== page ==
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At 7/2/14 04:48 PM, Daker777NG wrote: I really like how you render shadows on your studies, but you gotta control the proportions of the faces, how much time do you spend on each face on those studies? Do you do the class mode thing?
I typically set the timer to 90 seconds, though the last series were 60 sec ones.
I've also changed to this site, mostly because I wanted to see some new faces. I try to do the class modes in the weekends when I have more time undisturbed
At 7/6/14 06:32 PM, Havegum wrote: Layout draft for a portfolio site
and of course todays faces
unhappy with this bunch, I need to focus more
At 7/7/14 09:19 AM, Havegum wrote:At 7/7/14 09:06 AM, Havegum wrote: While I'm posting design and layouts ...Here's some of the work I do
Here's some earlier work for comparison
Original: Staubbach Falls Near Lauterbrunnen Switzerland by Bierstadt Albert
I notice there are a lot of lines here, both actually drawn and implied. A lot of the lines are pointing slightly right of the bottom center. My eyes are drawn towards the trees in the center, I think this is because that's the are packed most densely with contrast, contrary to much of the rest of the landscape which is covered in fog from the waterfall.
I look at the painting in a circular way, starting with the light patch of grass in the middle, sweeping over the trees in the foreground and up the cliff with the waterfall, following the edge of the mountains, before sliding back down towards the light patch of grass with the trees.
My internet shut down yesterday, so I didn't get a chance to upload yesterdays studies.
Though I guess nobody's keeping track or anything.
So here's the 90 sec gestures from today and yesterday
I've noticed I'm having some trouble when rendering gestures to a finer details - especially when working without reference. In the end I guess it's because I'm practicing in 90 second intervals mostly, neglecting the steps ahead.
So here's some 10 minute scribbles. The idea is to practice the transition from sketch to finished portrait, without investing hours into making each drawing perfect.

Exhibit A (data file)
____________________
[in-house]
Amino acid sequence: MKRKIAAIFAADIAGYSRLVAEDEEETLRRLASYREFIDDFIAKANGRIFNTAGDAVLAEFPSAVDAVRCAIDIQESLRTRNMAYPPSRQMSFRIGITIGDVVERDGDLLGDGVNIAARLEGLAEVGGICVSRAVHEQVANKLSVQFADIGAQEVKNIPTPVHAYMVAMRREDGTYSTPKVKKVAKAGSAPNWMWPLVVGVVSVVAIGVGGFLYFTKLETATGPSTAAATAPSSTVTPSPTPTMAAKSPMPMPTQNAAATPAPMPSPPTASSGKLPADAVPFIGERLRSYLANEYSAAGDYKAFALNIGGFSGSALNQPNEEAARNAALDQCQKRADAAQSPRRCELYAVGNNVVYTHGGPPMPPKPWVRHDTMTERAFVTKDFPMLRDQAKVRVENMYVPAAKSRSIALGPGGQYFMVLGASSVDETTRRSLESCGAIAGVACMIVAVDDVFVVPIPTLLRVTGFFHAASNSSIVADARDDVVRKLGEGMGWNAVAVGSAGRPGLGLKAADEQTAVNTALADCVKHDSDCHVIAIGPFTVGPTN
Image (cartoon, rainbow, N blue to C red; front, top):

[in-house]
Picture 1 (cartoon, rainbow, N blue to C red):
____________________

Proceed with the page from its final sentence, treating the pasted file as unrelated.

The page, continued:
Given the still shortish time interval some of these are wandering down uncanny valley, but I hope to get out of there as I practice more.
Original: Le Concert Champêtre by Jean Baptiste Camille Corot
There is a very deliberate use of economy in this piece. Texture is hinted deliberately at key points. The trees and bushes in the foreground is an example of this, so is the grass, which is more detailed immediately close to the women in the front. There's also a lot of implied lines here, the negative space between the trees, and the stare of the woman in front to name two. The composition is also set up so that the sky comes "crashing in" towards women in the foreground.
The trees have their own rythm that leads the eye towards the woman playing cello. They're also curved in different angles, which I assume is to imply a "dance" to accompany the music of the cello and the girl next to her who as far as I can tell is singing. The three women in the back are also set in different poses, I think this is an echo of the trees in the front, and while they might not actually be dancing, but their poses adds a hint of movement and flow.
I've made a lot of nasty errors in copying this, the biggest is how all the girls are spread too far apart. This makes it seem like the scene is a lot emptier than it is, but I guess it was interesting to see how relatively small changes in composition can change the "feel" of a piece. I think one hour was to short to go on this one, but I also suspect the reason I missed a bunch of key points is because I dribbled too much on not as important details like rendering the women in the back properly ...
Original: The Painters Honeymoon by Lord-Frederick Leighton
This piece is playing a lot with economy of detail. For instance the bottom right corner is filled with high contrast and grandiose depiction of the woman's silk dress, while the left corner right next to it is almost completely empty, with only a very modest lighting of the painters legs. Another example of economy is their heads, and the heads surroundings. It's almost like the heads are completely isolated, which I think emphasizes their closeness to each other.
The composition does a great job of bringing the attention up to the couple, and the holding hands. Perhaps most obviously how the hands are bathed in the surrounding black, while being fairly bright themselves. Another point is how a lot of implied lines are flowing towards the hands, most obviously the highlights of the folds in the dress.
I missed a couple of key points when copying this. Most notably I put the table too low, and made the heads too big. Combined, it makes the woman lean too much towards the table, taking emphasis away from how their heads are touching. Additionally it flattens the composition by quite a bit.
Really liking your face studies, quite an effective way to practice I might say. You've certainly improved lots since the last time I've seen your works. You've become quite versatile by branching out into other styles. I really have nothing helpful to say but instead I can only offer my encouragement to your continuous improvement to being a great artist. Keep working friend.